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Biological Trace Element Research

, Volume 189, Issue 2, pp 586–586 | Cite as

A Comparative Study of Iodized Salt Programs: Shanghai and Switzerland

  • Zheng Feei MaEmail author
Article

The article by Wang et al. [1] provides some interesting information about the effect of iodized salt for the prevention of iodine deficiency disorders in children and pregnant women living in Shanghai, China. Iodine deficiency was prevalent in China before the implementation of compulsory salt iodization (the addition of potassium iodate) in 1994. Later, the recommended concentration of iodized salt has been adjusted by the Chinese government several times to reflect the current iodine status, particularly in different provinces. For example, Henan and Shandong are categorized as iodine excess.

In Shanghai, the rate of use of iodized salt by household is about 79%, which might indicate a low coverage of iodized salt (< 90%). One of the possible reasons is the relaxed availability of non-iodized salt (about 1200 non-iodized salt supply markets) in Shanghai. This would then enable people to use non-iodized salt in their household. In addition, since Shanghai is a coastal area in China, they might think that they do not need to consume iodized salt because they have had enough iodine from fish and seafood products. The perceptions of using iodized salt might increase their feeling of being under a greater risk of getting excess iodine which might be associated with the onset of thyroid disease [2]. Therefore, they have concerns about getting excess iodine. Future studies should include the assessment of thyroglobulin, thyroid hormones, and thyroid-stimulating hormone (TSH) when measuring iodine status in populations [2, 3]. This is because these biomarkers are longer term biomarkers, which can provide a more accurate and comprehensive assessment of iodine status in Shanghai than urinary iodine concentration (UIC) [2, 3, 4]. However, it should be also considered that increases or improvements of iodine status are obviously physiologically associated with increased TSH levels [5] so that the mere finding of higher TSH values does by no means justify to conclude that the prevalence of true hypothyroidism has increased after an iodine intake rise.

Notes

Compliance with Ethical Standards

Conflict of Interest

The author declares that there is no conflict of interest.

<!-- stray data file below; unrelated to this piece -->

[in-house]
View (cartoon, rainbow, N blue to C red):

References

  1. 1.
    Wang Z, Liu P, Su X, Zou S, Song J, Liu S (2018) A comparative study of iodised salt programs: Shanghai and Switzerland. Biol Trace Elem Res.  https://doi.org/10.1007/s12011-018-1370-6
  2. 2.
    Ma ZF, Skeaff SA (2017) Assessment of population iodine status. In Iodine Deficiency Disorders and Their Elimination; Pearce, E.N., Ed.; Springer: Cham, Switzerland, pp. 15–28Google Scholar
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    Ma ZF, Skeaff SA (2014) Thyroglobulin as a biomarker of iodine deficiency: a review. Thyroid 24(8):1195–1209CrossRefGoogle Scholar
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    Ma ZF, Venn BJ, Manning PJ, Cameron CM, Skeaff SA (2016) Iodine supplementation of mildly iodine-deficient adults lower thyroglobulin: a randomized controlled trial. J Clin Endocrinol Metab 101(4):1737–1744CrossRefGoogle Scholar
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    Johner SA, Thamm M, Stehle P, Nöthlings U, Kriener E, Völzke H, Gärtner R, Remer T (2014) Interrelations between thyrotropin levels and iodine status in thyroid-healthy children. Thyroid 24(7):1071–1079CrossRefGoogle Scholar

Copyright information

© Springer Science+Business Media, LLC, part of Springer Nature 2018

Authors and Affiliations

  1. 1.Department of Public HealthXi’an Jiaotong-Liverpool UniversitySuzhouChina
  2. 2.Health and Sustainability Innovation (HSI) Lab, Health Technologies University Research Centre (HT-URC)Xi’an Jiaotong-Liverpool UniversitySuzhouChina
  3. 3.School of Medical SciencesUniversiti Sains MalaysiaKota BharuMalaysia

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